Commercial banks will be required to publish information of all tariffs and charges on services, personal loans and mortgages on a common web platform, making it easier for customers to choose lenders.
The lenders will also be required to channel at least 20 per cent of their lending to medium and small-sized enterprises (MSMEs) under the proposed Central Bank of Kenya (CBK) guidelines ahead of the planned amendments to the rate cap law.
The government has promised the International Monetary Fund (IMF) a repeal of the rate caps, leaving consumers under a cloud of uncertainty over the future cost of loans.
“(In order to) promote enterprise development, each institution to undertake to increase its business loans towards MSMEs financing by at least 20 per cent by 2020 from December 2017 baseline,” says the CBK in new draft regulations.
The architect of the rate capping law Kiambu Town MP Jude Njomo said the draft measures would not rein in banks keen on profiteering.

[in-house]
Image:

“The commitment to lend at least 20 per cent to SMEs and the other measures should first be effectively implemented and it is seen to work before the caps are removed,” said Mr Njomo.
Banks will also be allowed to put a risk premium on customer loans for a self-assessed probability of default backed by Credit Reference Bureaus data.
“In order to improve the credit pricing of loans extended to borrowers as well as implement differential credit pricing, based on a customer credit rating, institutions are henceforth mandated to implement risk-based credit scoring techniques in their loan screening processes,” says CBK while inviting comments from the public on the proposals by August 24.
“The credit scoring rating should be sourced from any of the licensed credit reference bureaus.”
The CBK and Kenya Bankers Association in May last year set up a website (www.costofcredit.co.ke) where all banks were required to publish the annual percentage rate, loan repayment schedule and any additional cost of credit on their loans.
Banks though have been on the spot for taking advantage of a legal loophole allowing them to load extra charges on loans.
In the new guidelines, the CBK warns that failure to adhere to the proposed measures will result in administrative sanctions under Section 49 of the Banking Act.